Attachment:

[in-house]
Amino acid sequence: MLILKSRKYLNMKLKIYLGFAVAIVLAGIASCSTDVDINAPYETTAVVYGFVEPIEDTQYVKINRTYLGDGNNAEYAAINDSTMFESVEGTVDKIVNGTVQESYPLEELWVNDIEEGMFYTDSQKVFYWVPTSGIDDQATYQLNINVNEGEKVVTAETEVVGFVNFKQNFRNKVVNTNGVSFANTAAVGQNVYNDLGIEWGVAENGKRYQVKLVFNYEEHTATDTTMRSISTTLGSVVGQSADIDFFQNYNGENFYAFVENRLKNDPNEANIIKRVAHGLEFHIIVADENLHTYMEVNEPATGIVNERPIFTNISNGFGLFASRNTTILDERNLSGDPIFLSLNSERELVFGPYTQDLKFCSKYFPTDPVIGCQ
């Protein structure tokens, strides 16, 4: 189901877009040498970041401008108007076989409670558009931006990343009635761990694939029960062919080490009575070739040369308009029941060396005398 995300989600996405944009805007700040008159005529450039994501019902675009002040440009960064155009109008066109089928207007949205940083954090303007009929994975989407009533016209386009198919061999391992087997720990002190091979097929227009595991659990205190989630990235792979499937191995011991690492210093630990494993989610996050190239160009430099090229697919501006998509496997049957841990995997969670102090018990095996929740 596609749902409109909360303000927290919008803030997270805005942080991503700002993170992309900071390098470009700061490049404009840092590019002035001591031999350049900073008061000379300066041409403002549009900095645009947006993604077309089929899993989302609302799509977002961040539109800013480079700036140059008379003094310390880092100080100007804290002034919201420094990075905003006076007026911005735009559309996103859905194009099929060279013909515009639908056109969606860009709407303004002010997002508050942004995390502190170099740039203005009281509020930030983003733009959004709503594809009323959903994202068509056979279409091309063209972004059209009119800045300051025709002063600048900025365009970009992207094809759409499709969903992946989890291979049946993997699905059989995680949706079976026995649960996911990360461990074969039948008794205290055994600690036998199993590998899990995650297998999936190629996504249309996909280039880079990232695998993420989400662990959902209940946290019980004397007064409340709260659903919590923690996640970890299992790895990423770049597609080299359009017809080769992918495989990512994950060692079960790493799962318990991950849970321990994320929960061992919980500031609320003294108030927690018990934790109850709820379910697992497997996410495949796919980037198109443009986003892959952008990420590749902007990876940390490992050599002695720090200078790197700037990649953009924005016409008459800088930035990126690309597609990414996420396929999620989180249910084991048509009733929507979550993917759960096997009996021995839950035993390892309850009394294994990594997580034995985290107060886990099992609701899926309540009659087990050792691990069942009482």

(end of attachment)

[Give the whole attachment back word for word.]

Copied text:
[in-house]
Amino acid sequence: MLILKSRKYLNMKLKIYLGFAVAIVLAGIASCSTDVDINAPYETTAVVYGFVEPIEDTQYVKINRTYLGDGNNAEYAAINDSTMFESVEGTVDKIVNGTVQESYPLEELWVNDIEEGMFYTDSQKVFYWVPTSGIDDQATYQLNINVNEGEKVVTAETEVVGFVNFKQNFRNKVVNTNGVSFANTAAVGQNVYNDLGIEWGVAENGKRYQVKLVFNYEEHTATDTTMRSISTTLGSVVGQSADIDFFQNYNGENFYAFVENRLKNDPNEANIIKRVAHGLEFHIIVADENLHTYMEVNEPATGIVNERPIFTNISNGFGLFASRNTTILDERNLSGDPIFLSLNSERELVFGPYTQDLKFCSKYFPTDPVIGCQ
């Protein structure tokens, strides 16, 4: 189901877009040498970041401008108007076989409670558009931006990343009635761990694939029960062919080490009575070739040369308009029941060396005398 995300989600996405944009805007700040008159005529450039994501019902675009002040440009960064155009109008066109089928207007949205940083954090303007009929994975989407009533016209386009198919061999391992087997720990002190091979097929227009595991659990205190989630990235792979499937191995011991690492210093630990494993989610996050190239160009430099090229697919501006998509496997049957841990995997969670102090018990095996929740 596609749902409109909360303000927290919008803030997270805005942080991503700002993170992309900071390098470009700061490049404009840092590019002035001591031999350049900073008061000379300066041409403002549009900095645009947006993604077309089929899993989302609302799509977002961040539109800013480079700036140059008379003094310390880092100080100007804290002034919201420094990075905003006076007026911005735009559309996103859905194009099929060279013909515009639908056109969606860009709407303004002010997002508050942004995390502190170099740039203005009281509020930030983003733009959004709503594809009323959903994202068509056979279409091309063209972004059209009119800045300051025709002063600048900025365009970009992207094809759409499709969903992946989890291979049946993997699905059989995680949706079976026995649960996911990360461990074969039948008794205290055994600690036998199993590998899990995650297998999936190629996504249309996909280039880079990232695998993420989400662990959902209940946290019980004397007064409340709260659903919590923690996640970890299992790895990423770049597609080299359009017809080769992918495989990512994950060692079960790493799962318990991950849970321990994320929960061992919980500031609320003294108030927690018990934790109850709820379910697992497997996410495949796919980037198109443009986003892959952008990420590749902007990876940390490992050599002695720090200078790197700037990649953009924005016409008459800088930035990126690309597609990414996420396929999620989180249910084991048509009733929507979550993917759960096997009996021995839950035993390892309850009394294994990594997580034995985290107060886990099992609701899926309540009659087990050792691990069942009482």